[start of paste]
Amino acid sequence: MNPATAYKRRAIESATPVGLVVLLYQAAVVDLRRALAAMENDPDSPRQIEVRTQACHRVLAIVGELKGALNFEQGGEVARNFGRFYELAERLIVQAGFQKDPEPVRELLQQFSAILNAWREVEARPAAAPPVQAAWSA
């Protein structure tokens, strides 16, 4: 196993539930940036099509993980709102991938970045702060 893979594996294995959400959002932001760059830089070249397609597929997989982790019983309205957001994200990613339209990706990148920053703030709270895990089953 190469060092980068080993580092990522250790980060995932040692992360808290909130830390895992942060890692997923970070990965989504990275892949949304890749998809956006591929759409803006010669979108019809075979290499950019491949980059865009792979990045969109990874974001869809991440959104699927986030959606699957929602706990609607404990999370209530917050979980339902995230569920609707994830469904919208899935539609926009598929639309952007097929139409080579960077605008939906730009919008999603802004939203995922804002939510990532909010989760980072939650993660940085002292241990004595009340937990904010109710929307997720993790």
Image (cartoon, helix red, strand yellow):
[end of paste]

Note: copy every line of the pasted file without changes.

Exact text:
Amino acid sequence: MNPATAYKRRAIESATPVGLVVLLYQAAVVDLRRALAAMENDPDSPRQIEVRTQACHRVLAIVGELKGALNFEQGGEVARNFGRFYELAERLIVQAGFQKDPEPVRELLQQFSAILNAWREVEARPAAAPPVQAAWSA
């Protein structure tokens, strides 16, 4: 196993539930940036099509993980709102991938970045702060 893979594996294995959400959002932001760059830089070249397609597929997989982790019983309205957001994200990613339209990706990148920053703030709270895990089953 190469060092980068080993580092990522250790980060995932040692992360808290909130830390895992942060890692997923970070990965989504990275892949949304890749998809956006591929759409803006010669979108019809075979290499950019491949980059865009792979990045969109990874974001869809991440959104699927986030959606699957929602706990609607404990999370209530917050979980339902995230569920609707994830469904919208899935539609926009598929639309952007097929139409080579960077605008939906730009919008999603802004939203995922804002939510990532909010989760980072939650993660940085002292241990004595009340937990904010109710929307997720993790």
Image (cartoon, helix red, strand yellow):